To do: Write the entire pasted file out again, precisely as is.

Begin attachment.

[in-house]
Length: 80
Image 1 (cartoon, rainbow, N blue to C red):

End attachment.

[in-house]
Length: 80
Image 1 (cartoon, rainbow, N blue to C red):